Patrons and Ambassadors


His Excellency General The Honourable David Hurley AC DSC (Ret’d), Governor of New South Wales and Mrs Linda Hurley

His Excellency General The Honourable David Hurley AC DSC (Ret’d) is the 38th Governor of New South Wales. He commenced his five year tenure in October 2014.

Prior to his appointment as Governor, His Excellency served for 42 years in the Australian Army, concluding his service as the Chief of the Defence Force. His Excellency was awarded a Companion of the Order of Australia in 2010 for eminent service to the Australian Defence Force and a Distinguished Service Cross for his leadership during Operation SOLACE in Somalia in 1993.

His Excellency is married to Linda and has three adult children: Caitlin, Marcus and Amelia. He has a wide range of interests in the arts and in sport.

As Governor of New South Wales, His Excellency intends to support the people and community organisations of New South Wales, through:

– assisting programs and organisations that promote inclusiveness, diversity and active citizenship

– recognising innovation, achievement and excellence

– promoting industry and regional development

– providing support in times of adversity

– advocating for marginalised members of our community.


Soldier On Ambassadors all have unique stories to tell



David Savage

David Savage AM, served as an AusAID Stabilisation Advisor with the Coalition’s Provincial Reconstruction Team in Afghanistan from 2011-12. He became Australia’s first civilian casualty in Afghanistan when his patrol was attacked by a child suicide bomber. He was previously with the Australian Federal Police for 20 years where he served on several overseas UN Peacekeeping Operations including Mozambique and East Timor. He then joined the United Nations, as a Human Rights and War Crimes investigator. He has also worked for the International Crisis Group, the Afghan Independent Human Rights Commission, and other organisations throughout South, and South East Asia. He is currently a Visiting Fellow at the Asia-Pacific College of Diplomacy at The Australian National University.  David was made a Member of the Order of Australia (AM) in 2014 for his work in International Relations, Peacekeeping and Human Rights Investigations. David was an ACT finalist in the 2015 Australian of the Year awards.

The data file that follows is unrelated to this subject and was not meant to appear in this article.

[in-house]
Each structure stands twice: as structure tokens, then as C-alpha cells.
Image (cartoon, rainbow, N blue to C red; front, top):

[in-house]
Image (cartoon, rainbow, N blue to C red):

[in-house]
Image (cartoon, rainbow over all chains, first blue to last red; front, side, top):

Todd Berry

Todd Berry served in the Australian Army for 18 years, joining in 1989 straight after completing high school. He was initially posted to Townsville and then travelled to Canberra for Officer Training at the Royal Military College, Duntroon. Graduating as a Lieutenant he was initially posted to Sydney, with additional regimental postings in Singleton and Perth. Whilst with the 5th/7th Battalion in Sydney he was on a four-month rotation to Malaysia when 5 Australian soldiers were killed in a motor vehicle accident. He was awarded a Chief of Army Commendation for his actions at the accident site and recovering the bodies back to Australia. He returned to Malaysia in 1998 and 1999 on an exchange posting, where he was an instructor at the Royal Military College, Malaysia. He spent most mornings and afternoons driving past the site of the accident, which had a dramatic effect on his mental health. The trauma and the stress of this incident, the repeated visits to the site, and being deployed to East Timor as a Company Commander with the regular Commando unit after Malaysia, eventually led to his discharge from the Army with post-traumatic stress disorder. This affected his family relationships, his physical and mental wellbeing, and his future career options. Following years of struggling with PTSD, Todd joined Soldier On as a volunteer. Slowly but surely, he found himself participating in activities such as PT sessions and Yoga classes. Todd has a keen interest in military history, inspired by his time in South-East Asia, and was given the opportunity to join a Soldier On trek to Sandakan. Following in the footsteps of WWII prisoners of war, Todd and a group of Australian veterans used the trek as a component of their rehabilitation. Since the trek, Todd has completed a number of physical challenges, including Tough Mudder, several Half Ironman triathlons, the New York marathon, and an Ultra Marathon of 100km. For Todd the trek at Sandakan was a turning point- it gave him his spark back. Todd has also become a pioneer for Yoga for veterans, having adopted the practice with enthusiasm. Using it as a part of his rehabilitation, he says that exercise and mindfulness have made a significant contribution to his recovery, and will continue to do so in to the future. He is currently teaching trauma aware yoga classes and is an ambassador for Soldier On and Frontline Yoga. Since seperating from the ADF he has completed a Bachelor of Administrative Leadership, a Master of Management, and a Graduate Diploma of Psychological Science. Todd is married to Suzy and he is an author and sought after public speaker.